If you want to get bigger Social Security checks when you retire, it's important to know everything you can about the federal-government program. Unfortunately, it can be tough to get the information you need, and many people are still in the dark when it comes to key aspects of Social Security that determine the size of your benefits. Below, you'll learn more about four essential parts of Social Security that aren't as well-known as you might think.
1. Earning more raises your benefits -- but the amount of the boost depends on how much you earn
Your top 35 years' worth of earnings history goes into determining your monthly benefit, so boosting your average earnings will increase the size of your Social Security checks. However, people with less income over their careers get a bigger boost from every extra dollar of earnings than higher-income individuals.
Specifically, the formula that determines benefit amounts adds $0.90 to your standard retirement benefit for every $1 in average monthly career earnings up to a certain amount, which is $1,115 for those turning 62 in 2023.
Once your average monthly earnings go above that mark, each additional $1 results in just $0.32 of extra benefits, up to $6,721. Beyond that, you'll only get $0.15 in extra benefits for a $1 boost to average monthly earnings.
2. Retiring later can give your benefits a double boost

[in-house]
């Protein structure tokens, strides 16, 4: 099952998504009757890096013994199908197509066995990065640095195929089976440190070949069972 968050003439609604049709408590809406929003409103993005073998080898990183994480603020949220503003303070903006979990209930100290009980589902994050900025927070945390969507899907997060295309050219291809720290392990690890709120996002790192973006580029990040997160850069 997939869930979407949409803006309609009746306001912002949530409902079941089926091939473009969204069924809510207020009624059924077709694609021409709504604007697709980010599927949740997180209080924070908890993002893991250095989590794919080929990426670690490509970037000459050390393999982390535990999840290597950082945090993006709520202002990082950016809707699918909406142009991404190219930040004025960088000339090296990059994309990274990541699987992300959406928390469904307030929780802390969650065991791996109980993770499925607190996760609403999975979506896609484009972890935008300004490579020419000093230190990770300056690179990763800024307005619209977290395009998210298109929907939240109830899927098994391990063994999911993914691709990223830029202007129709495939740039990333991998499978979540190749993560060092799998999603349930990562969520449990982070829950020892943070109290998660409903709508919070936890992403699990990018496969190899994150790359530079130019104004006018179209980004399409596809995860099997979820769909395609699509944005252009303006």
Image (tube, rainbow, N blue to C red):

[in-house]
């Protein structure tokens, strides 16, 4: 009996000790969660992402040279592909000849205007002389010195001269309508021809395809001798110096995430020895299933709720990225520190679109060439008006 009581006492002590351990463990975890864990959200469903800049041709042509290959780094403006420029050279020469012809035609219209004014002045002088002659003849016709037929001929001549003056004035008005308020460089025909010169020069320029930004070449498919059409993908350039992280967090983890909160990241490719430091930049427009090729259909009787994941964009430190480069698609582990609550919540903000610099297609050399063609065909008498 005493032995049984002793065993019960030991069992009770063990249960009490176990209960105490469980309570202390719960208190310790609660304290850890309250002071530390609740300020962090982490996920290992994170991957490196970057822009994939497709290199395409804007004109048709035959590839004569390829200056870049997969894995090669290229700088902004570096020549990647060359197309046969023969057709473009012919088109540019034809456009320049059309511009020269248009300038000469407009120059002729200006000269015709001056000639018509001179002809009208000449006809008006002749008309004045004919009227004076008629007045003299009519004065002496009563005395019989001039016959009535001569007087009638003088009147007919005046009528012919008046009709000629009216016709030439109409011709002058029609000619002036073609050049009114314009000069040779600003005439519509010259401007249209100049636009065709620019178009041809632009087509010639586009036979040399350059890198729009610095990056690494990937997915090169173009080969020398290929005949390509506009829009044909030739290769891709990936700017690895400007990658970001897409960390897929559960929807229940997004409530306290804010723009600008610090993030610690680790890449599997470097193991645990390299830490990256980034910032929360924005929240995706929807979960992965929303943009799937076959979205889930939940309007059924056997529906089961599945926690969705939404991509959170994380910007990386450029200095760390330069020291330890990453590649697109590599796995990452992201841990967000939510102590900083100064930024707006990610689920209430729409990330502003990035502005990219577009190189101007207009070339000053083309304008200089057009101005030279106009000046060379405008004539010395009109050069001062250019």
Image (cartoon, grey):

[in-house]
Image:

Choosing to put off retirement for an extra year can help increase your Social Security benefits in two ways. Many people have their peak earning years late in their careers, so an extra year of work will often be a top-35 year that increases average monthly earnings. Moreover, if you can delay claiming Social Security an additional year because you work longer, your checks will typically be 6% to 8% higher than they'd be if you claimed earlier.
3. There's no double benefit for spouses
Many people know that married couples have access to two different types of benefits. Those who have their own work histories can claim retirement benefits based on their own earnings, but they can also claim spousal benefits based on the work history of their spouse.
However, you don't get to take those two benefits and simply add them up. Instead, the Social Security Administration applies your retirement benefit first. If your spousal benefit would be larger, then the SSA boosts your payout to the higher spousal benefit amount. If the retirement benefit would be larger, then you essentially don't get any extra advantage from having the right to a spousal benefit.
4. Age 62 isn't the earliest date for Social Security benefits if you're a surviving spouse
Most regular worker retirement and spousal benefits are available for the first time at age 62. However, if you're married and your spouse passes away, then you could be entitled to survivor benefits, which are available earlier.
Specifically, most surviving spouses can claim their survivor benefits beginning at age 60. Those who are disabled can claim as early as age 50. As with other types of benefits, those who claim early will have to accept reductions in their payment amounts, but the additional money can still be valuable.
One thing to note, as well, is that remarriage can end survivor benefits. However, if you wait until age 60 or later before remarrying, you'll still be able to claim survivor benefits on your deceased former spouse's work history.
Get the benefits you deserve
Social Security can be complicated to understand. Fortunately, though, some basic concepts are pretty easy to pick up, as long as you know about them. Be sure to get every penny of Social Security that you're entitled to receive.